Sustainability is about looking to the future. It is about developments that meet the needs of society at the present without compromising the ability of future generations to meet their own needs. Sustainable systems across all industry sectors are the foundation for our collective futures. Individuals and companies can and must play their part in designing our future by scrutinising every element of their business and the impact it has on people and on the planet.
Can sustainability be the platform that changes the image of the pharmaceutical industry?
Pharmaceutical companies are used to the perpetual struggle with their public personae, trapped as they are in a complex web of conflicting expectations. On the one hand, with their focus on continuous innovation, they are lauded as the panacea for new and emerging diseases (aka COVID), on the other hand, perceived to be profiteering from our health.
Even in this latest unprecedented global pandemic, when pharma almost moved into pole position as the potential saviours, it falls foul of the public. Lambasted for supply chain failures, overstating the clinical hope potential of potential drugs, and perceived as putting business profit before health. Health as a cause, it seems, is too personal and too individual to harness for the common good.
Sustainability is much bigger than any other collective movement in the past, and one of the greatest manifestations of this is that even the capital markets, the engines of all things money and commerce, increasingly value companies for their sustainability credentials, (also known as ESGs – environment, social and corporate governance measures) rather than purely for short term profits. It is because of such pressures that the oil giant BP had to reinvent itself and has a vision for the future beyond oil and gas.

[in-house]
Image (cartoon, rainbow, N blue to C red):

Health and environment are two dominant, universal systems. Harnessed together they can perhaps have the greatest impact yet for reputation. From a corporate perspective, sustainability can absolutely be the platform that gives pharmaceutical companies the opportunity to repurpose their purpose. To ally the much less tangible aspiration of universal health and patient centricity – which resonates with patients but not with people – to a bigger purpose with a more resonant cause: the planet. Some industry sectors are already leading the way, through strong and surprising partnerships or global causes that publics, especially future generations, can identify with. The consumer goods giant, Proctor & Gamble (P&G) announced a huge partnership this year with National Geographic called It’s Our Home, an initiative to bring together experts and climate leaders to discuss the power of nature as a climate solution, and to accelerate the actions needed to address global climate change.
A pharmaceutical product has an enormously long and complex lifecycle, the focus of which until now has been solely on the patient-centred concerns of safety and efficacy. The societal benefits of health have always trumped all other concerns. But, the sustainability challenge for the pharmaceutical industry now is to balance this, without compromise, with serious environmental issues, ranging from green chemistry, end-to-end manufacturing processes, full control of and responsibility for supply chains, the impact of excretion on environmental systems e.g. water pollution, packaging, responsible use and disposal by the end-user, etc. Any positive changes to a product’s lifecycle towards better more sustainable systems are opportunities for much richer story-telling material than, say, pure product promotion. Perhaps the winners here will be those who invest a fair proportion of their marketing dollars into better impact dollars.
Thanks to the passion of the next generation, the sustainability agenda will gain momentum. It presents a huge opportunity for companies to change their purpose and thus their public perception, in action and in how they communicate about it. There is much to do, and therefore much to talk about. Every company has the capacity to transform themselves into a beacon for the future, with a real commitment to trading-in short-term visions and profits for building new long-term sustainable systems. The key is to believe in the principles of having a better impact and work with others towards this universal goal of a better, sustainable world for future generations.
“When all the trees have been cut down, when all the animals have been hunted, when all the waters are polluted, when all the air is unsafe to breathe, only then will you discover you cannot eat money.”
Alanis Obomsawin, Abernaki Filmaker